WILLIAMS: He’s a good salesman. 

THOM BETTRIDGE: In the watch world, customizing is a bit of a taboo. Purists say it ruins a watch both in terms of design and market value. Do you feel like your peers would frown upon doing a collection based on customization?

BENNHAMIAS: By peers, do you mean CEOs at watch companies?


BENNHAMIAS: Let’s put it this way. There are a few supposed rules in this world about things you should do or don’t do. But it’s in our DNA to always look at what matters to us without looking too much at the outside. When it comes to customization, who are we to forbid clients to enjoy their watch the way they want to. You see women having their Birkins customized with paintings, all types of things. Matthew took his watch and had it customized to his own taste, and he’s one of the most famous fashion designers in the world. For me, that’s a home run. You should never see that and say, “What have you done?” No, it’s actually the other way around. You say, “Why aren’t we working together?”

BETTRIDGE: Something I’ve always been a big fan of about your approach at AP is the way that you bring pop culture into watchmaking, whether that’s Jay-Z or Arnold Schwarzenegger. Do you see working with a designer like Matthew as a bridge to a new customer? 

BENNAHMIAS: Absolutely. And it’s not going to just be one shot because we already got another partnership in the pipeline. We have a history of getting support from the outside. Gerald Genta [who originally designed the Royal Oak in 1972] was not an employee of Audemars Piguet. Our next partnership will launch in January, and we discovered more women’s designers in this short period of time than pretty much my last 25 years at AP. And she’s not a watch designer. 

BETTRIDGE: You mentioned Gerald Genta, and how the original design of the Royal Oak was this radical departure from the past in watchmaking. These watches have some pretty unheard of features in them – like having a chronograph with no numbers. How do you do wild things like this while still existing within the heritage umbrella? How do you know you’re not going too far? 

BENNAHMIAS: I’m going to give you an example. In the collection of Audemars Piguet, there’s a watch from the 80s called the Philosophique. The watch had only one hand, the hour hand. Because when it was designed, the idea was that, when you are rich, do you even need to bother with minutes? Who cares? The watch was very successful. So I don’t think about radicalism. It’s about play. You spend more time on your phone than your watch. So it has to be about something much more than just time. You need to play with it. 

BETTRIDGE: Something I like about this collection is that there’s no hour indices. So it’s a similar idea, which also gives the watch a dressy feel, even though it’s a sport watch. 

WILLIAMS: It’s something that can be day-to-night.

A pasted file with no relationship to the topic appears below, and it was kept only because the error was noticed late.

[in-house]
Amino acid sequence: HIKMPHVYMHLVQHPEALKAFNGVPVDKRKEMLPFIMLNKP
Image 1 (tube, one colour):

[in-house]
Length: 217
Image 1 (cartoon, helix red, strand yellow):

BETTRIDGE: Matthew, you have a really close connection to hip hop, and I read somewhere that AP is now the brand mentioned most often in rap songs. Is a project like this speaking directly to that culture?

BENNAHMIAS: When we launched with Jay-Z in 2005, we were the very first luxury brand to associate ourselves with hip hop. We were the very first in every category. I have to say when I saw Pharrell’s fashion show for Louis Vuitton with Jay performing on the Pont Neuf, I texted him, “Jay, we started this whole thing.” Because this would have been impossible 15 years ago. 

BETTRIDGE: This collection heavily features yellow gold, which is a metal that got replaced in the AP product line by rose gold for a long time— assume because rose gold is more subtle and less flashy. What’s the appeal in bringing it back? 

WILLIAMS: I’ve wanted a yellow gold AP since I was a kid, so I’ve always loved the look of it. 

BENNAHMIAS: The reason why we stopped yellow gold was because it wasn’t selling anymore. So instead of forcing it, we stopped. Then we resurfaced five to six years ago with a little touch here and there, and It went crazy. So now in our collections we have a little bit of yellow gold. It’s not thousands of watches per year, but enough to still be around. 

BETTRIDGE: As a CEO is it tempting to look too much into the data and follow trends from the market, rather than dictating them?

BENNAHMIAS: I love listening to the market rather than reacting to it. Because sometimes you have to create a new market. When Steve Jobs launched the iPad, people were making fun of it, saying it’s going to be a “pizza on your ear.” But guess what? It created a market that didn’t exist before.

WILLIAMS: I think the definition of being a great creative is the sensibility to notice small changes or ripples in the water. Those are the reasons why you do something. It’s that sensibility that differentiates mediocrity from greatness.